Pornography is a 96 billion dollar per year industry.  Human trafficking: 32 billion dollars per year.  These numbers are not mutually exclusive; they are intricately woven into one another to create a web of sexual immorality and profit that is our culture today.  To succinctly summarize the far more complex issue on how these trades are related: trafficked women are often trained by porn and used in the production of porn.  Due to the fact that women are forced and coerced to perform sexual acts before the camera, therefore being trafficked, the demand for human slaves heavily stems from a desire to view increasing amounts of pornography.  While there are women that “willingly” enter into the industry drawn by the gilded depiction of glamour, many of them become victims of abuse, not knowing what they got themselves into- and even then there are not nearly enough volunteers.  They need to be manipulated, tricked and stolen.  They need drugs to finish up the day.  As an appetite for pornography increases, so will the amount of human slaves, because we are constantly imploring, “more.”

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Me, Myself and I: The Villain and the Victim

by Aszia Walker

“Apart from Christ, I am Osama bin Laden.  I am Hitler, Stalin, Mao.  Only by the virtue of Christ can I stand forgiven before a holy God.  This isn’t hyperbole; it’s biblical truth.  We’ll never appreciate Christ’s grace so long as we hold on to the proud illusion that we’re better than we are.  We flatter ourselves when we look at evil acts and say, ‘I would never do that.’  Daniel, a righteous man, came before God confessing the sins of his nation, not saying, ‘They have sinned,’ but, ‘We have sinned’ (Daniel 9:5).  He took full ownership for his own contribution to the problem of his nation’s sin.  So should we all.” – Randy Alcorn, The Goodness of God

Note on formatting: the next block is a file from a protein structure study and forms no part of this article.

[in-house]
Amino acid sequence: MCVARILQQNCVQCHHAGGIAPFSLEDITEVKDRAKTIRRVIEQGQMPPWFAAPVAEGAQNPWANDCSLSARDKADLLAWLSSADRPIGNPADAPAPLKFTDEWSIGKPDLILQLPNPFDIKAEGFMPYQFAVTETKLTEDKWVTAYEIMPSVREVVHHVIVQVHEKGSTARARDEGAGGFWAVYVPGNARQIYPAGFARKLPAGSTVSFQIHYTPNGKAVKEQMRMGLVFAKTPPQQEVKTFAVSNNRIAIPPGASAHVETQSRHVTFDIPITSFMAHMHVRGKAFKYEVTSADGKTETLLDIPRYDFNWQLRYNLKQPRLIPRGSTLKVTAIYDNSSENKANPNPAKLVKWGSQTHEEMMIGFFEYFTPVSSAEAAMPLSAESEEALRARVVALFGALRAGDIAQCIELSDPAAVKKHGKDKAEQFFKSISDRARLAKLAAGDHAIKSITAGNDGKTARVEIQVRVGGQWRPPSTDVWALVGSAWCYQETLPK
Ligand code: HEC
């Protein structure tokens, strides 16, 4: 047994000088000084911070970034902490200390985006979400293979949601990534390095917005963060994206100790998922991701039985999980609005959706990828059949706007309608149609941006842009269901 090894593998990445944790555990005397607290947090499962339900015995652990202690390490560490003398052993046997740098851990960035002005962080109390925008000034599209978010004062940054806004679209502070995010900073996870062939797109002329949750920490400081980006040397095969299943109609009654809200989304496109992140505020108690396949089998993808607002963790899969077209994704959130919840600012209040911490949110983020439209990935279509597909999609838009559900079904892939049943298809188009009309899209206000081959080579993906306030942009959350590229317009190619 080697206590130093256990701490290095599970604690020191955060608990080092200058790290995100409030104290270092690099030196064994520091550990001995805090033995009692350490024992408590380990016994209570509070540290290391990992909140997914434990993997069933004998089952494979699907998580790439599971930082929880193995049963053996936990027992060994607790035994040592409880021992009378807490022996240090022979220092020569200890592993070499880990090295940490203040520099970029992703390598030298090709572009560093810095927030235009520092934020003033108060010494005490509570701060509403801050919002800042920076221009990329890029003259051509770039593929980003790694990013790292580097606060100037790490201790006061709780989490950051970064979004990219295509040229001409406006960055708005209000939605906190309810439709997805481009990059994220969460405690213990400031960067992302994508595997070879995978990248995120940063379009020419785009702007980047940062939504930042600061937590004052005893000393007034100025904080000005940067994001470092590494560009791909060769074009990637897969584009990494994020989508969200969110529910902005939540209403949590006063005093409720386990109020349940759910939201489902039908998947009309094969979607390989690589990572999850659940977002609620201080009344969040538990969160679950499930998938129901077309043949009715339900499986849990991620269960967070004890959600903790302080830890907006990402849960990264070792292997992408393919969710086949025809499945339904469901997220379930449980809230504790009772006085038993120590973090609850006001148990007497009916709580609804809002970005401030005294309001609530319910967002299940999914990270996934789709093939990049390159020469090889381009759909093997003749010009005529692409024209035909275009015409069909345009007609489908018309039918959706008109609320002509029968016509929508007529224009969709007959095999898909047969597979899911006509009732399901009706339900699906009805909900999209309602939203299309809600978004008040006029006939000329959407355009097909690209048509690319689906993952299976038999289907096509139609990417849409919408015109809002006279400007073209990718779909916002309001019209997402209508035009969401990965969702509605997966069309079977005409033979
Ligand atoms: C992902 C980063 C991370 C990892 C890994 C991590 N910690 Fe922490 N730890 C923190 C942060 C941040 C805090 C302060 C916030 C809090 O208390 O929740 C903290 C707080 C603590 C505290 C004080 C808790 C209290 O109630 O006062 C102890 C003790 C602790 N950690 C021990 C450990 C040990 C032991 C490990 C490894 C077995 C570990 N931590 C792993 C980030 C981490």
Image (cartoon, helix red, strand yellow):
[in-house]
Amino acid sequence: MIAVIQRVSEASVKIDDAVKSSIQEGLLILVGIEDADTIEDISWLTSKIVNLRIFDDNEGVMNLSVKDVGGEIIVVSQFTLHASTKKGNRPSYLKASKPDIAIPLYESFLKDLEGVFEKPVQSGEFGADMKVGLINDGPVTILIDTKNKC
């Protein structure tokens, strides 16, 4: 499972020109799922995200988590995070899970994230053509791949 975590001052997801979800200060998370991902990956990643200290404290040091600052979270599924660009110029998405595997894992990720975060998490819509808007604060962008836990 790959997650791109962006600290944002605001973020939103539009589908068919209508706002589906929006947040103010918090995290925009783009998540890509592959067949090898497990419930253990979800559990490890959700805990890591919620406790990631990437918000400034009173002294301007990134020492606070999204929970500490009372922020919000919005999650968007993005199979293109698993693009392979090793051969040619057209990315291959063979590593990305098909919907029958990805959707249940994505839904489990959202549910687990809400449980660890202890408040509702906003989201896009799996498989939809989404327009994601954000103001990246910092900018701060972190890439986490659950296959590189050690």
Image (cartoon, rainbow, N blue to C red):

Last year I began to notice my lack of empathy for others and my immense pride in myself.  So, I thought it might be a decent idea to pray about it and ask God to begin a transforming work in me.

Whoops.  He actually heard that prayer, and He has actually started teaching my heart about His heart.  The pureJUSTICE internship program has served as my most recent tutor.

Here I’m gaining a wealth of understanding about pornography, prostitution, and their correlations to human trafficking. But the most penetrating lesson thus far has been a personal lesson in humility and compassion as I am beginning to lose that proud illusion and self-flattery Alcorn refers to.

We’ve talked a lot about sexual lust and its widespread effects on the immorality and turmoil in our society today.  There are real-life villains doing atrocious things to innocent and unsuspecting women and children, and while perversion is an obvious driving factor of the sex trafficking industry, we have learned that still other motives for pimping women, trading humans, and possessing modern-day slaves are greed and the hunger for power and control.